Lung, diseases of apex.- Reflex spastic mydriasis.

Malaria.- Chronic superficial non-suppurative keratitis. Sensitiveness of supra-orbital nerves. Retinal haemorrhages. Choroiditis.

Mania.- Reflex spastic mydriasis.

Masturbation.- Paralysis of accomodation Hyperaesthesia of retina.

Melancholia.- Reflex spastic mydriasis.

Meningitis, cerebral, acute.- Mydriasis or myosis, photophobia. Injection of conjunctiva.

Meningitis, cerebral, chronic.- Interstitial and per- neuritis Atrophy of the optic nerve.

Meningitis, of the convexity.- Cortical blindness or hemianopsia with preserved pupillary light reflex. Hyperaesthesia of the retina. Photophobia, phosphenes. etc.

Meningitis, cerebro-spinal.- Eye symptoms frequent conjunctivitis in early stages. Later oedema of conjunctiva, denoting exudation in cranial cavity. Strabismus. Nystagmus. Spastic myosis in early stages. Reflex spastic mydriasis from pinching the skin at the back of the neck. (Parrot’s sign). Hippus Choroiditis. Photophobia. Neuritis.

Meningitis, spinal.- Spastic mydriasis in the early stage.

Meningitis, tubercular.- Strabismus. nystagmus. Ocular paralyses spastic myosis in earl;y stage. Rapid alternation of myosis and mydriasis. Paretic mydriasis in later stages in contra-distinction from cerebro-spinal meningitis. in which it is rare. Tuberculosis of the choroid. Homonymous hemianopsia.

Meningeal haemorrhage.- Nystagmus. Hemianopsia.

Menstruation, disorders of.- Styes.

Myelitis, acute and chronic.- Neuritis or simple atrophy of the optic nerve.

Myxoedema.- Thickening and swelling of the lids.

Nephritis.- See diseases of the kidney.

Neuralgia of the fifth nerve.- Paralysis of accommodation.

Neuritis, multiple or pseudo tabes.- Axial neuritis with central scotoma. Absence of pupillary symptoms, in contra- distinction from true tabes.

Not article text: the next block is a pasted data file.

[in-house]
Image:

Nicotine poisoning.- Spastic myosis. Retro-bulbar neuritis with central scotoma.

Paralysis agitans.- Tremor of the lids. Ptosis.

Paralysis, general (paralysis of insane, paresis). Monocular mydriasis and paralysis of the accommodation and transient recurrent mydriasis are suspicious premonitory symptoms. Paretic mydriasis in an `early symptoms. The “Argyll Robertson pupil,” is found in fifty per cent of the cases. Anisocorea. Paretic myosis. Optic-neuritis. Atrophy of optic nerve. Soul blindness. Sudden development and transient duration of ocular symptoms similar to multiple sclerosis and tabes.

Polio encephalitis superior (inflammation of the floor of the fourth ventricle).- Progressive paralyses of the ocular muscles is the essential feature.

A. B. Norton
Norton, A. B. (Arthur Brigham), 1856-1919
Professor of Ophthalmology in the College of the New York Ophthalmic Hospital; Surgeon to the New York Ophthalmic Hospital. Visiting Oculist to the Laura Franklin Free Hospital for Children; Ex-President American Homoeopathic Ophthalmological, Otological and Laryngological Society. First Vice-President American Institute of Homoeopathy : President Homoeopathic Medical Society of the State of New York ; Editor Homoeopathic Eye. Ear and Throat Journal : Associate Editor. Department of Ophthalmology, North American Journal of Homoeopathy, etc.